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I am trying to run following HTML in every browser: Opera, FF, IE, Chrome

<!DOCTYPE html  PUBLIC "-//W3C//DTD XHTML 1.0 Strict//EN" "http://www.w3.org/TR/xhtml1/DTD/xhtml1-strict.dtd">
<html xmlns="http://www.w3.org/1999/xhtml" xml:lang="en" lang="en">
 <head>
  <meta http-equiv="Content-Type" content="application/xhtml+xml; charset=utf-8">
 </head>
 <body>
  <script>
  <![CDATA[
     alert('Hey!');
  ]]>
  </script>
 </body>
</html>

None of them display the alert. Chrome logs an error in console: Uncaught SyntaxError: Unexpected token <. It seems to be complaining about the fist < in CDATA declaration. Firefox also logs "syntax error"

The w3schools point out that this is the way to use CDATA http://www.w3schools.com/xml/xml_cdata.asp. Other answers on this site suggest it. What am I doing wrong? I tried playing with namespaces and doctypes, but that did not change anything.

Edit: I added XHTML name space and doctype, that I originally removed and the problem still persists.

share|improve this question
1  
XML != HTML. Here is a question that explains it: –  Pekka 웃 Mar 6 '12 at 19:26
1  
possible duplicate of When is a CDATA section necessary within a script tag? –  Pekka 웃 Mar 6 '12 at 19:27
1  
XHTML is XML. In fact all HTML on my server is generated by XSL templates, so by definition it is valid XML. –  Mike Starov Mar 6 '12 at 19:28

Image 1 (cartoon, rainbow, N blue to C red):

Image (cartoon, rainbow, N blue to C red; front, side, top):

but that doesn't automatically make it X(HT)ML. Are you using an explicit XHTML doctype? –  Pekka 웃 Mar 6 '12 at 19:30
    
Yes. But that does not change the outcome. All browsers still complain about syntax error. –  Mike Starov Mar 6 '12 at 19:32

5 Answers 5

up vote 4 down vote accepted

The related question When is a CDATA section necessary within a script tag? explains that a CDATA section is recommended when embedding scripts in XHTML documents. However, just setting a XHTML doctype to the test document isn't enough. The CDATA is still being treated as a syntax error.

According to this blog post, that is because the content type needs to match the doctype definition. Proper XHTML needs to have the following Content-type header set:

Content-type: application/xhtml+xml

if that is not specified and text/html sent instead, browsers will revert to HTML. And indeed, if I add that header to my test case, browsers start properly parsing the JavaScript inside the CDATA even when the CDATA it's not commented out.

This works for me (setting the header using PHP):

<?php header("Content-type: application/xhtml+xml"); 
      echo '<?xml version="1.0" encoding="UTF-8"?>'; ?>
<!DOCTYPE html  PUBLIC "-//W3C//DTD XHTML 1.0 Strict//EN"
 "http://www.w3.org/TR/xhtml1/DTD/xhtml1-strict.dtd">
  <html xmlns="http://www.w3.org/1999/xhtml" xml:lang="en" lang="en">
  <head>
    <script><![CDATA[alert('Hey!');]]></script>
  </head>
  <body>
  </body>
 </html>​
share|improve this answer
    
Thanks this is the only right solution. Funny even the wikipedia got that syntax error in their examples en.wikipedia.org/wiki/XHTML –  Mike Starov Mar 6 '12 at 20:57
    
@Mike, I'm interested in knowing what is incorrect in my answer. –  danorton Mar 6 '12 at 21:02